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Implementation of new UK-wide industry cleaning protocols supported by short-term accommodation and holiday lettings sector as early July re-opening targeted

Merilee Karr, Chair of the STAA

With the Government provisionally earmarking Saturday 4 July as the date when certain sectors of the travel and hospitality industry can re-open, the short-term accommodation sector is preparing itself for a safe and successful restart by implementing the new ‘Cleaning protocols for self-catering properties and short-term lets in the context of COVID-19’ that have been developed collaboratively by a number of industry bodies including the UK Short Term Accommodation Association (STAA), the Association of Scotland’s Self-Caterers, Quality in Tourism, the Professional Association of Self-Caterers and the Wales Tourism Alliance.

With the recent statement made by the Secretary of State for the Department of Culture, Media and Sport (DCMS), Oliver Dowden, “…I am keen that we get the tourism sector going as rapidly as possible. We have set the ambitious target of 4 July, and if we can do it consistent with public health, we will do so. Self-contained accommodation has a lower risk than other areas, so I would hope that that will be at the front of the queue,”*1 the industry wants to ensure everyone is ready and able to meet the right standards.

The protocols have been shared with the Department of Culture, Media and Sport (DCMS) and have now been submitted to Governments for approval to augment the hospitality guidance developed by UK Hospitality at a national level. They are supported by a number of the UK’s tourism bodies and are based on guidance provided by organisations such as the Health & Safety Executive (HSE), World Health Organisation (WHO) and Public Health England*2.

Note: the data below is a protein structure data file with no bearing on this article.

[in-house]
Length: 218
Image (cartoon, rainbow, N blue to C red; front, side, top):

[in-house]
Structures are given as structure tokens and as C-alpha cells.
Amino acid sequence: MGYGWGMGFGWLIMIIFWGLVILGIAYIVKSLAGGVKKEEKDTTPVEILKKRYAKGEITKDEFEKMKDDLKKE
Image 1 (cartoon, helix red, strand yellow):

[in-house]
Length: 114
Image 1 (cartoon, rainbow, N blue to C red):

The STAA believes that the adoption of these new protocols by self-catering properties and short-term lets will ensure the health and safety of guests, hosts and company staff.

Merilee Karr, Chair of the UK Short Term Accommodation Association (STAA) and CEO of UnderTheDoormat, said, “We have a responsibility to reassure guests about the safety of short-term rental accommodation. These protocols should provide consumers with the confidence to travel safely to any property that meets them. I agree with Minister Dowden that short-term rentals which adhere to these cleaning protocols, offer a comparatively low-risk option for customers looking to book a holiday in the current environment.

“For operators and hosts, one of the best steps they can take is to get independently accredited by our STAA industry partner Quality in Tourism, through its Safe, Clean and Legal™ assessment scheme that will demonstrate to potential guests that they have been independently assessed to meet these standards.”

Chief Executive of the Association of Scotland’s Self-Caterers, Fiona Campbell, said: “These protocols will allow our sector to re-open to our guests while ensuring the health and safety of everyone involved during these difficult times. Getting our members back to work is essential for both the health and vitality of our sector but also for the Scottish economy, given that we generate £723m each year in revenue. As we gradually begin to ease lockdown restrictions, we need to make sure that the correct balance of rules and freedoms is maintained and these protocols will form a key part in ensuring that balance.”

The new industry cleaning protocols provide good, high level principles to follow in preparing a property correctly for incoming guests and cleaning it during and after their stay. They focus on three main areas:

• Conducting a risk assessment of each property
• Recommended cleaning protocols
• Safely managing contact with guests

A risk matrix constructed by Quality in Tourism, which has Primary Authority status in partnership with Cornwall Council, shows that short-term rentals and other similar parts of the market, such as serviced apartments, are comparatively low-risk when it comes to COVID-19, in part because they allow for effective social distancing and also have a comparatively low number of touch points. Many short-term rentals are self-contained properties, which guests can access via a car, minimising the use of public transport and contact with others.